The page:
Financial planning is more than savings and investments. It’s about more than money. Financial needs and priorities change in response to life’s transitions. Good financial plans help prepare for those transitions.
Managing them is one of the keys to keeping your finances in balance.
Planning Prevents Pressure
One of my clients, a senior corporate executive let’s call Jack, said his favorite saying at work is, “Planning Prevents Pressure.” When it comes to your financial future, it’s easier to prepare for what’s ahead than it is to repair mistakes.
With that in mind, as part of financial planning, a planner should ask you to anticipate what’s coming up? What transitions might be in your future?
Most Impactful Transitions
Here are six example categories and several important transitions that can go along with them where planning ahead can help prevent high costs, or regret, later.
- Expecting a child
- Special family celebration
- Assistance to a family member
- Child going to college
- Child getting married
- Empty nest
- Caregiving for an aging parent
- Disability or chronic illness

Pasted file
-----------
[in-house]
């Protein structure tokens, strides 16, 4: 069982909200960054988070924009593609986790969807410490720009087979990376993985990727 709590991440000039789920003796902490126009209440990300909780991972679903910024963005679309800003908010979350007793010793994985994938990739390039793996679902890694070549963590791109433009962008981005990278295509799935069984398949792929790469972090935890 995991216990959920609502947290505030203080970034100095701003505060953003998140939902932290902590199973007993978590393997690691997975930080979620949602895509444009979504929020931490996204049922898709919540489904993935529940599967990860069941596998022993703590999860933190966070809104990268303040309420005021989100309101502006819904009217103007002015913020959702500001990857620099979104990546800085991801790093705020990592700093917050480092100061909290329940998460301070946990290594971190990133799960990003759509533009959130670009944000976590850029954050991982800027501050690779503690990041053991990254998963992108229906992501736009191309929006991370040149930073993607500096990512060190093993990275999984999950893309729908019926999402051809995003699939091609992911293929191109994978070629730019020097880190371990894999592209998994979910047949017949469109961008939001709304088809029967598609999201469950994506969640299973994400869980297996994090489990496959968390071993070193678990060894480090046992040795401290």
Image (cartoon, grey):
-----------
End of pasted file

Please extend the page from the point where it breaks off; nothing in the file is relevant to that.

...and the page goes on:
- Recent death of a family member
- End of life directives
- Contemplating career change
- Job re-structuring
- Expanding a business
- Starting a new business
- Acquiring a business
- New job training or education
- Downshift in worklife
- Full retirement
- Changing residence
- Starting Social Security income
- Eligibility for Medicare
- Starting retirement distributions
- Refinancing a mortgage
- Reconsidering investment philosophy
- Significant investment gain
- Significant investment loss
- Considering investment opportunity
- Receiving inheritance
- Choosing between pension options
- Sending a stipend to a family member
- Starting gifts to children / grandchildren
- Developing an estate plan
- Creating a scholarship
- Funding a cause or event
Which transitions are most important? Each individual, even within a couple, will have different answers. And those answers may change over time. As new transitions arise and old ones fall away, a well-done financial plan can adapt.
The easiest way to throw off your financial plan is to make a rash, emotional decision in the middle of a difficult moment. One of the ways a plan saves money is to help avoid overreactions to the ebbs and flows of life. It allows you to have greater control by taking a more proactive mindset about your financial future.
Planning Prevents Pressure! Thanks Jack!
This post was adapted from a post by www.blueblazefa.com, a financial planning firm offering tools on navigating life’s transitions.